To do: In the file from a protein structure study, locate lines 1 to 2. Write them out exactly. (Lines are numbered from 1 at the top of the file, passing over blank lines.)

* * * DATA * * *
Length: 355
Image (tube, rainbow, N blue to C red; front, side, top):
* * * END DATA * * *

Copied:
Length: 355
Image (tube, rainbow, N blue to C red; front, side, top):